Windows 7 is the latest operating system from Microsoft. An operating system is the software that allows interaction between all the programs you use and the hardware, such as the printer, mouse and keyboard. When you use a computer with Windows 7 you may notice that a some things look a bit different.
Some people will also find they have different versions of Word, Excel and PowerPoint to the older ones they were used to. See the University's Office 2007 web pages for more information and self-help guides.
You can also add program shortcuts to the Taskbar (the strip between the Start menu and the clock). To do this, use the method above, and choose Pin to Taskbar.
If you change your mind, simply right click on a pinned program and choose to ‘unpin’ it.
Jump Lists, new to Windows 7, are shortcuts to recently used files, organised by program. They appear on the Start menu and the Taskbar.
To access a Jump List on the Start menu, click the arrow next to a program name and a list of recently used files will appear (Jump Lists are only available once you have opened a file in a package at least once). Click on a file name to open it.
Jump Lists also appear when you right click a program icon on the Taskbar.
Regularly used files can be pinned to a Jump List so that they are always easily accessible, regardless of how many other files you have opened since. To pin a file to a Jump List, hover over the file in the list of Recent files and click on the drawing pin icon to Pin to this list.
Screenshot: pinning a file to a Jump List
The Taskbar now shows just one icon per program, regardless of how many windows you have open. Hover over a program icon to see a thumbnail-sized preview of all its open windows. Hover over one of these thumbnails to see a full screen preview. To switch to one of these windows, click on the thumbnail (hovering over it isn't sufficient).
The shortcut to the desktop has moved to the other side of the screen. Click on the bar next to the clock in the bottom right corner to go to the desktop. Note that if you just hover over this bar, you can preview the desktop without going to it.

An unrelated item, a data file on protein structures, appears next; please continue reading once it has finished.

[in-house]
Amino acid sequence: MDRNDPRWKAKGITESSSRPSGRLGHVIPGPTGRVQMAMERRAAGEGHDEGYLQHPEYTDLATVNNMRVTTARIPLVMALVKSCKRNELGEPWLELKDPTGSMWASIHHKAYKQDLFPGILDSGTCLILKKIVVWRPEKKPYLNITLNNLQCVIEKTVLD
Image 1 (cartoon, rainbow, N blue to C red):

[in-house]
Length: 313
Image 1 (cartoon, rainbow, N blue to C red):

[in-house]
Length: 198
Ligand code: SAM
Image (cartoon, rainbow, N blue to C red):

Windows 7 has renamed and reorganised some of the folders that you might be used to seeing when organising your files. If you can't see the networked file locations you're used to, click on the link to Computer on the left hand menu (eg when you open or save a file). This is like the old My Computer folder. If you are unsure where to save your files or can't see the networked folders you expect, speak to your IT support staff.
Screenshot: the Computer folder
Notice that you can no longer select a drive location from the dropdown box at the top when you try to open or save a file, or work in Windows Explorer. Instead, use the folders listed on the left to navigate to a particular file or folder.
Tip: To quickly search for files, type all or part of the file name into the Search programs and files box on the Start menu, wait a couple of seconds and then you'll see files listed on the Start menu.
You may find that the your personal file space has been moved. If you can't find it, speak to your IT support staff to find out where you can now access it from.
When using a university PC many of your network file locations should have been set up for you. If you do need to map a new network drive, double click on the Computer folder to open it and then click on the Map network drive option.
When you save or open a file, or look in Windows Explorer, the file management options are different to previous operating systems you may be used to. Windows 7 has introduced Libraries as a new way of managing files from more than one location on your computer in one place. Libraries do not store files/folders as such, rather they store links to files and folders which might be physically stored in a number of different places.
When you save a file at work, always browse to the correct network folder via the Computer folder, rather than saving via libraries, to ensure that you are saving your files in the right place.
More information about Libraries is available online.
Windows 7 comes with new features you can try, some of which are outlined below.
It is often helpful to be able to see 2 windows side by side, eg a Word document and an Excel spreadsheet. Use the Restore Down icon (between the minimise and the close package icons) to reduce the size of a full screen window, then drag the title bar to the left or right of the screen. When your cursor hits the edge of the screen, the window will resize to fit half the screen. Drag another window to the opposite side to compare them. More information about the other features of Windows Snap is available
This is an updated feature which was found in previous versions and allows you to scroll through all your open windows and switch to another one using the keyboard rather than the mouse. Hold down the Alt key and press the Tab key to show thumbnails of all open windows. Keep pressing the tab key to scroll through the different windows and release both keys when you find the window you want to bring to the front.
An alternative version of Windows Flip. This shows a larger stack of open windows. Hold down the Windows key on the keyboard and keep pressing the Tab key to scroll through the windows.